ava i l able in mag i s t r at e s ’ c o u rts of up to six phones type ap p roved after 1st June 2002 the-stationery-office.
months imprisonment or a £5,000 fi n e, o r and with imm ediate effect for the
b o t h . If the case we re heard in the Crow n d evelopment of 3G dev i c e s. The GSM ldbills/080/
C o u rt the maximum penalty would be up Association has no actual powers to enforce 2002080.htm
to five years imprisonment or an unlimited the adoption of the new hardened IMEI. or for
fine, or both. The Government is continuing to press explanatory notes go to:
Mobile phone operators are initiat i n g m a nu fa c t u rers to improve the security of http://www.parliament.
systems to enable them to bar stolen t he product s and comply with t he the-stationery-office.
phones across all networks - putting them E u ropean standards that re q u i re hard
out of use - but if the IMEI number is coding of mobile phones with IMEI ldbills/080/en/
ch anged on a stolen phone, it coul d numbers that cannot be changed. 02080x—.htm.
July 2002 Property Crime 19
Do you know how Mobile Phones are
West Yorkshire Police

West Yo r k s h i re Police have produced a although the leaflet does also contain
leaflet aimed at reducing mobil e phone i n fo rm ation on how to keep your mobile
crime in the area. phone secure.
Instead of e xplaining the ‘dos and 10,000 leaflets will be distri buted to
don’ts’ when it comes to looking after your m obile phone shops, u n i versities and
mobile phone, t h ey have taken a slightly s chools throughout the region to try and
d i f fe rent ap p ro a c h and have listed actual get the message across.
c r im es that have taken place, w h e reby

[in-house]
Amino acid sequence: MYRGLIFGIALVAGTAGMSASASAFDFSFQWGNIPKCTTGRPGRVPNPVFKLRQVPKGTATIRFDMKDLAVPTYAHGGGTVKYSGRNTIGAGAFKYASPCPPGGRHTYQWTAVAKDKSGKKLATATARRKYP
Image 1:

mobile phones have been stolen and
reports made to the police.
The thinking behind the initiat i ve is
t h at people are more like ly to read ab o u t
the mi sfo rt une of others and lear n by
doing so than via advice norm a l ly give n ,

Rural Crime England and Wales

Home Office Statistical Bulletin 01/02

The Home Office Statistical Bulletin ‘Rural Crime, England and Wales’ has been compiled from
the British Crime Surveys (BCS) and police recorded crime figures covering the period 1983 to
2 0 0 1 .T h ey confirm rural residents have constantly experienced lower levels of criminal victim-
isation over the last twenty years - with levels of burglary, vehicle-related thefts and violence all
consistently lower than in non-rural areas.
H oweve r, it is also ap p a rent that rural areas did experience a sharper rise in crime than
elsewhere from the late 1980s through to the mid 1990s. This finding may help to explain why
crime has become more prominent in the agenda of rural concerns.
For free copies Main findings:
of the report, • Vehicle related crime is significantly lower in rural areas, with 1,207 incidents recorded
published in in 1999, compared to 1,947 in other areas (incidences per 10,000 vehicle-owning
March 2002, households).
contact Research, • Less than 3% of people living in rural areas became victims of burglary and a similar
Development proportion were victims of violent crime in 1999, compared to almost 5% for both
and Statistics crimes in non-rural areas.
Directorate, • The number of burglaries rose more in rural areas over the past two decades compared to
Communications both suburban and urban areas, although rural areas have consistently experienced
Development significantly fewer incidences of burglary than urban areas.
Unit, Room 201, • Only 12% of rural respondents to the 2001 BCS thought crime in their local area had
50 Queen Anne’s risen ‘a lot’ compared to 22% of urban respondents.
Gate, London SW1H 9AT The re p o rt also shows how rural residents have more positive perceptions of the police,
Tel: 020 7273 2084 with 84 per cent reporting that they feel the police in their area do a ‘very’ or ‘fairly’ good job,
Fax: 020 7222 0211 c o m p a red to 77 per cent of non-rural re s i d e n t s. Although the most rural areas have fewe r